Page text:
What do people think about when they come to a big religious festival?  Food, shelter, money, sex, the strange sights and occasionally religion.  One thing they all saw was that their holy city, the city they had journeyed weeks to see, was not an Israelitish city.  The temple was there, yes.  Most of the people were Jewish, yes.  But everywhere you looked, especially at Passover, there were occupying Roman soldiers. A Roman puppet Herod had made their city over in the image of a Hellenistic capital.  It was wrong, and the undermutter said it.

I didn’t even need my spirit-hearing to detect the resentment.  Jerusalem, even to the pilgrims from Anatolia and Egypt, Italy and Hispania and Gaul, Jerusalem was supposed to be a Jewish city, ruled by a Jewish king.  It was built into the scriptures they love.  

“The day will come,” said the undermutter.  “The day will come when the Messiah that the God of Israel sends will drive them all out.  Jerusalem will belong to the children of Israel again.”

Mixed in among these silent muttering visitors were bloodier thinkers.  They were Zealots.  They did not intend to wait for the Messiah.  They remembered the Maccabees driving out the Greeks, and they intended to drive the Romans out.  They knew their time had not come, and that it would.

That next year, the year it all happened, I had had my little beloved colt, and he went with me wherever I went. Again I delivered empty pots (my master was still kind) and I listened.  It was the same as the previous year –  but not quite.  This year there was that name.  “Yeshua” the people from Judea and Babylon said.  The Egyptian Jews called him “Yesous.”  A man named after Joshua, the warrior who led the tribes of Israel into Palestine.  There was a kind of expectancy about the crowds.  “Is this the year?”

I mentioned the Pharisees.  There was another party in Jerusalem.  They were Sadducees.  They were richer, and often priests and Levites.  They believed different things than the Pharisees.  They loved their nation very much, and they were very aware of politics because they lived temple and city politics every day.  They had expensive garments that looked uncomfortable in the afternoon sun.  I understood – I too carry burdens.

Most of all the Sadducees loved the temple.  The holy books they shared with the Pharisees told them how to build it, and how to sacrifice the poor animals, and how to pray.  God had given them this temple.

And they knew it could be destroyed.  The first temple had been.  Roman soldiers were everywhere, and Roman soldiers kill.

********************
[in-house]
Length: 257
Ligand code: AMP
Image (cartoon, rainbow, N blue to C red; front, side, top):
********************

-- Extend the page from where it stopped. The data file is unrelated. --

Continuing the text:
I could always hear a current of fear in their hearts.  They feared the Romans.  They feared the Pharisees, with their focus on Law rather than the Temple.  They feared the Zealots most of all, the Messianic hopefuls who would start a rebellion.  And so they feared this Galilean healer and preacher.  He seemed to be some kind of crazy teacher who would ignite the crowds and bring the rage of the empire down on them, destroying the temple and sending the Jewish people again into exile.  When I was delivering pots in Jerusalem, once, I heard the thoughts of a great man among them:

“If we let Him alone like this, everyone will believe in Him, and the Romans will come and take away both our place and nation.”

So… so now you want to know about that day, don’t you?  Alright.  My foal and I were at home.  He had grown big, strong, grey like a Judean donkey.  He had ears to hear, and knew what humans were up to.  Out of nowhere, two scruffy men arrived and tried to untie us.  I started yelling.  No one can ignore a jenny when she brays.  My master came out from lunch, a piece of bread still in his hand, and asked just what they were doing.  These two men had that thick Galilean accent, you know the one; and they said “The Lord” had need of us.  Well, my foal actually, but I was not about to let them take just him.  I don’t know what moved my master, but he actually negotiated with them and pretty soon had an agreement that we would be back that evening.  And off we went.  Just outside of the village, right there on the Mount of Olives, there was this little clutch of men and women.  One of them, ah, he is hard to describe.  All I can say is the angel inside of him was … bright.  Luminous.  I trusted him, and suddenly I was not so afraid for my colt.